Monday, April 28, 2014

EntityLevelOnly Property To Delay Unique Key Validator

Idea for this post was kindly suggested by real ADF BC guru and evangelist - Steve Muench. You can check famous ADF Not Yet Documented Examples on Steve's blog - Dive into ADF.

The main idea is about composite Unique Key, based on multiple EO attributes. Ideally, users should be allowed to change composite Unique Key values, without getting validation errors too early (before trying to save changes). However, this is not the case by default - and I will explain in this post, how to make it work properly with EntityLevelOnly = true property.

Sample application -, implements alternate key for two attributes from the EO. These attributes are Letter and Digit (SQL script to create required DB table is provided with the sample):

Based on alternate key, Unique Key validation rule is created for Letter and Digit:

Both attributes are set with AutoSubmit = true on the UI, to make sure new value will be submitted immediately:

DB table is populate with unique values for Letter and Digit columns. I could try to change first row and set B for Letter and 3 for Digit. Obviously, I would change one of the values first, if I'm going to change A to B - this could force ADF to raise Unique Key error (there is already B for Letter with Digit 1). So, Unique Key validation error would be generated too early, before I would change Digit to 3:

First row is rendered on UI, with A for Letter and 1 for Digit. I'm going to try to change A to B:

As soon as I would leave Letter field and try to move to Digit, ADF would raise validation error about broken uniqueness:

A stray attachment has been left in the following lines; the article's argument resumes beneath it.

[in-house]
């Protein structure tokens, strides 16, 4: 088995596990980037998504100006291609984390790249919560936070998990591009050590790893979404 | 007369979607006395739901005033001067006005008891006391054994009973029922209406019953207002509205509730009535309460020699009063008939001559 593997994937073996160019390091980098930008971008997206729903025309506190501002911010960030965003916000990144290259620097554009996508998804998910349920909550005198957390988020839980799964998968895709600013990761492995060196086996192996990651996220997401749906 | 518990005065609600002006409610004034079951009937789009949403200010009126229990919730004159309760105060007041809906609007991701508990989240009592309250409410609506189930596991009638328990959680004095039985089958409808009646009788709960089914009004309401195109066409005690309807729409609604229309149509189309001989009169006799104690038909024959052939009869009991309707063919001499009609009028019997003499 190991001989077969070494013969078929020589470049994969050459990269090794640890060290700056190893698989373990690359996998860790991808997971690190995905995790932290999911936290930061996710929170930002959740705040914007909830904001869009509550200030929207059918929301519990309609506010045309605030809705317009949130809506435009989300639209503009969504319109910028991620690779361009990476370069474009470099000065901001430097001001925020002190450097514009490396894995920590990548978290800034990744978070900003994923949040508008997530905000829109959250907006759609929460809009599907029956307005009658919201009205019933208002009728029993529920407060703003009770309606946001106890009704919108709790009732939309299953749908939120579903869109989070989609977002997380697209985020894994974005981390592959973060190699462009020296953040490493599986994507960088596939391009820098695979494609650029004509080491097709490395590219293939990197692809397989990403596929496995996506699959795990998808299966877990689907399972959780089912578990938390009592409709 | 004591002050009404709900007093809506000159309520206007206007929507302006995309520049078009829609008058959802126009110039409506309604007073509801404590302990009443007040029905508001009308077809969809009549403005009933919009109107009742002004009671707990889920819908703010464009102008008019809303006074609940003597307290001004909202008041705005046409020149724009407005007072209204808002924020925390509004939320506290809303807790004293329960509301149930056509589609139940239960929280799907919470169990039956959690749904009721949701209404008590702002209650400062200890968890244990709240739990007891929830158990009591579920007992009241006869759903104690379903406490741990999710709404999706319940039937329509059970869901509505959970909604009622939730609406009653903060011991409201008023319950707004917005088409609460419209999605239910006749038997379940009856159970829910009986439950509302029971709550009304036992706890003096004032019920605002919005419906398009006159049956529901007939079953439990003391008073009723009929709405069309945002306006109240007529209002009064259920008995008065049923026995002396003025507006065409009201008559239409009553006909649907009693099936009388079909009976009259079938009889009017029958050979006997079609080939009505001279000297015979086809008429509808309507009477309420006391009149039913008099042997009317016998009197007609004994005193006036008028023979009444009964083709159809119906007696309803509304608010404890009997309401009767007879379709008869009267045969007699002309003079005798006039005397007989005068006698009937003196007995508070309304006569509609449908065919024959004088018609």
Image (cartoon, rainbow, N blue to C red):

This behaviour can be improved with EntityLevelOnly = true property in EO definition class. Override standard method - addUniqueKeyValidation to catch Unique Key validation rule definitions. Here we could check by name and apply setEntityLevelOnly(true) method for our Unique Key validator:

Validation rule name:

Can be verified using actual validation rule definition in the EO (this could be made generic, if required):

With EntityLevelOnly = true applied, I can change first part of the Unique Key, and move to change second part of the key to set new unique value:

Sunday, April 27, 2014

Check Box Support in ADF Query (11g R2 and 12c)

Few years passed since my previous post about check box support in ADF Query - Yes-No Check Box in Query Criteria. It was not working before, but there are improvements in the latest ADF releases. I will describe approach to handle multiple values from the same column, using check box in ADF Query. By default, you could render multiple values with choice list - but there is a way to use a group of choice lists (when column values will be known in advance).

Sample application -, implements ADF Query with a criteria to search by employee status. This status could be of three types - internal, external and consultant. All three check boxes are rendered in ADF Query, under Status group (check box with Internal status is ticked by default):

You could tick External in addition and bring both Internal and External employees:

Tick External and Consultant - this will bring different results:

Status for Internal, External and Consultant is set through Status field in Employee table: